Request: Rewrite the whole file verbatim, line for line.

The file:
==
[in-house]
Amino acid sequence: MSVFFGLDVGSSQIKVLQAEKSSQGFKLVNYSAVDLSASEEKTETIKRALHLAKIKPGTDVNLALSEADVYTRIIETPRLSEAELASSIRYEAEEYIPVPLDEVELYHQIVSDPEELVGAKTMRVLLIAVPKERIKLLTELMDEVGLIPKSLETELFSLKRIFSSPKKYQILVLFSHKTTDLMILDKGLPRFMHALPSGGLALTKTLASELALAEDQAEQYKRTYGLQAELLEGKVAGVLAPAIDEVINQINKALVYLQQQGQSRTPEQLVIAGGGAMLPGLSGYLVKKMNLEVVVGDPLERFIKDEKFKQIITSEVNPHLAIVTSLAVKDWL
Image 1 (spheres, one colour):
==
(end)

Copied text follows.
[in-house]
Amino acid sequence: MSVFFGLDVGSSQIKVLQAEKSSQGFKLVNYSAVDLSASEEKTETIKRALHLAKIKPGTDVNLALSEADVYTRIIETPRLSEAELASSIRYEAEEYIPVPLDEVELYHQIVSDPEELVGAKTMRVLLIAVPKERIKLLTELMDEVGLIPKSLETELFSLKRIFSSPKKYQILVLFSHKTTDLMILDKGLPRFMHALPSGGLALTKTLASELALAEDQAEQYKRTYGLQAELLEGKVAGVLAPAIDEVINQINKALVYLQQQGQSRTPEQLVIAGGGAMLPGLSGYLVKKMNLEVVVGDPLERFIKDEKFKQIITSEVNPHLAIVTSLAVKDWL
Image 1 (spheres, one colour):